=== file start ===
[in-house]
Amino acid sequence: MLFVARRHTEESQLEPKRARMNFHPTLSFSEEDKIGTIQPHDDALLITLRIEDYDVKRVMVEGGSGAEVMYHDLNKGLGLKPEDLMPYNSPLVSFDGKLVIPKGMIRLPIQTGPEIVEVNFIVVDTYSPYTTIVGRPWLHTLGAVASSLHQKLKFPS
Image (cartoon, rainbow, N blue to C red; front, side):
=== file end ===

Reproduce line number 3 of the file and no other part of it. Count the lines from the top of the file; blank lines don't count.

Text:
Image (cartoon, rainbow, N blue to C red; front, side):